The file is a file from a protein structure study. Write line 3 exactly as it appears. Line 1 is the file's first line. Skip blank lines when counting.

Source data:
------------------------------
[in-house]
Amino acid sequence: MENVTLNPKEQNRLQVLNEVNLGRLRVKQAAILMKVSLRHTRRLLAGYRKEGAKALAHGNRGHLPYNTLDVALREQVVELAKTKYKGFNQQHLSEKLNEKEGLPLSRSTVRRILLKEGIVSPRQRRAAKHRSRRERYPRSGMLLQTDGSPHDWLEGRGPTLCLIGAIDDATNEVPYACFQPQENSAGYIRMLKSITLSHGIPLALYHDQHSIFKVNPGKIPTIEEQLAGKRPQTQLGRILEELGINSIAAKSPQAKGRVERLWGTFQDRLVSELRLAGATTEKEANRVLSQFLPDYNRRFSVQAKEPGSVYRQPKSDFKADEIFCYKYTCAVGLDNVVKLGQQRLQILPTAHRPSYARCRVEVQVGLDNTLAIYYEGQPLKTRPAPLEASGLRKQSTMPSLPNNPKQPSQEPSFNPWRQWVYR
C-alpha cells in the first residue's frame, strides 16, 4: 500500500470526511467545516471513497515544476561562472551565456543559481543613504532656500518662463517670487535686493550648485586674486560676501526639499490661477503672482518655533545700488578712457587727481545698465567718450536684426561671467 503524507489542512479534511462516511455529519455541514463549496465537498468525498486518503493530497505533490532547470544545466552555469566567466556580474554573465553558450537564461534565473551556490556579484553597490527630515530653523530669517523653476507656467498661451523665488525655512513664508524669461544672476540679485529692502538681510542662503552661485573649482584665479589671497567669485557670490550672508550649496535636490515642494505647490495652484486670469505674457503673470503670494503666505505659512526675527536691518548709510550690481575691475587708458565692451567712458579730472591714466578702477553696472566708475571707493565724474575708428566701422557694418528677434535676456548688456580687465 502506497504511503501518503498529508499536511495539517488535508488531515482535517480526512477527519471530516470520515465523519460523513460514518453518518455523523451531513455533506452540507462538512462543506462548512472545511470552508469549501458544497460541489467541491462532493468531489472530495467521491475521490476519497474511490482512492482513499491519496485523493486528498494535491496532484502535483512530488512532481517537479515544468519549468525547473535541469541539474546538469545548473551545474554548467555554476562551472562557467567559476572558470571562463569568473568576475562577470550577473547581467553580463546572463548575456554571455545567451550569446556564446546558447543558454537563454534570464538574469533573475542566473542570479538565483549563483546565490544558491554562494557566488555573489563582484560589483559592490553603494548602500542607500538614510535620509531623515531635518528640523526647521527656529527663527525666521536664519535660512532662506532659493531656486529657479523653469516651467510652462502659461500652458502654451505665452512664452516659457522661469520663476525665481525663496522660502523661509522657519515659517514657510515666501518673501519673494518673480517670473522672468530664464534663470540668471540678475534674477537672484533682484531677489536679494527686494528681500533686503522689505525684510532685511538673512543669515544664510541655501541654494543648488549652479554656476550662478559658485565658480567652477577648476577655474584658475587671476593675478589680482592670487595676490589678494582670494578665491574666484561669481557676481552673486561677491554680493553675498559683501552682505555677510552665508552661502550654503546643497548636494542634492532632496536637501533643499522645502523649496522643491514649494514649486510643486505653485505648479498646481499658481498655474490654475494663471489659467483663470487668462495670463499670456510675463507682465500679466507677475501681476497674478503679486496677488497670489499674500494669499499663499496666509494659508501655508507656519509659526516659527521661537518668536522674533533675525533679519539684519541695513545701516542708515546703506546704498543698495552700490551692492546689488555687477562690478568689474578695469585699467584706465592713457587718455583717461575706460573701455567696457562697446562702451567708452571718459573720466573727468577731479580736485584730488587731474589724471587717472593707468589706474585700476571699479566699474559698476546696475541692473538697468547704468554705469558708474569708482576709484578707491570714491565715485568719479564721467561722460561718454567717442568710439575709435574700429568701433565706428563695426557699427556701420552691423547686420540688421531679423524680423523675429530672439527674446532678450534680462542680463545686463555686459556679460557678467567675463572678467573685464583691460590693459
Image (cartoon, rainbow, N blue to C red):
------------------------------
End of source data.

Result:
C-alpha cells in the first residue's frame, strides 16, 4: 500500500470526511467545516471513497515544476561562472551565456543559481543613504532656500518662463517670487535686493550648485586674486560676501526639499490661477503672482518655533545700488578712457587727481545698465567718450536684426561671467 503524507489542512479534511462516511455529519455541514463549496465537498468525498486518503493530497505533490532547470544545466552555469566567466556580474554573465553558450537564461534565473551556490556579484553597490527630515530653523530669517523653476507656467498661451523665488525655512513664508524669461544672476540679485529692502538681510542662503552661485573649482584665479589671497567669485557670490550672508550649496535636490515642494505647490495652484486670469505674457503673470503670494503666505505659512526675527536691518548709510550690481575691475587708458565692451567712458579730472591714466578702477553696472566708475571707493565724474575708428566701422557694418528677434535676456548688456580687465 502506497504511503501518503498529508499536511495539517488535508488531515482535517480526512477527519471530516470520515465523519460523513460514518453518518455523523451531513455533506452540507462538512462543506462548512472545511470552508469549501458544497460541489467541491462532493468531489472530495467521491475521490476519497474511490482512492482513499491519496485523493486528498494535491496532484502535483512530488512532481517537479515544468519549468525547473535541469541539474546538469545548473551545474554548467555554476562551472562557467567559476572558470571562463569568473568576475562577470550577473547581467553580463546572463548575456554571455545567451550569446556564446546558447543558454537563454534570464538574469533573475542566473542570479538565483549563483546565490544558491554562494557566488555573489563582484560589483559592490553603494548602500542607500538614510535620509531623515531635518528640523526647521527656529527663527525666521536664519535660512532662506532659493531656486529657479523653469516651467510652462502659461500652458502654451505665452512664452516659457522661469520663476525665481525663496522660502523661509522657519515659517514657510515666501518673501519673494518673480517670473522672468530664464534663470540668471540678475534674477537672484533682484531677489536679494527686494528681500533686503522689505525684510532685511538673512543669515544664510541655501541654494543648488549652479554656476550662478559658485565658480567652477577648476577655474584658475587671476593675478589680482592670487595676490589678494582670494578665491574666484561669481557676481552673486561677491554680493553675498559683501552682505555677510552665508552661502550654503546643497548636494542634492532632496536637501533643499522645502523649496522643491514649494514649486510643486505653485505648479498646481499658481498655474490654475494663471489659467483663470487668462495670463499670456510675463507682465500679466507677475501681476497674478503679486496677488497670489499674500494669499499663499496666509494659508501655508507656519509659526516659527521661537518668536522674533533675525533679519539684519541695513545701516542708515546703506546704498543698495552700490551692492546689488555687477562690478568689474578695469585699467584706465592713457587718455583717461575706460573701455567696457562697446562702451567708452571718459573720466573727468577731479580736485584730488587731474589724471587717472593707468589706474585700476571699479566699474559698476546696475541692473538697468547704468554705469558708474569708482576709484578707491570714491565715485568719479564721467561722460561718454567717442568710439575709435574700429568701433565706428563695426557699427556701420552691423547686420540688421531679423524680423523675429530672439527674446532678450534680462542680463545686463555686459556679460557678467567675463572678467573685464583691460590693459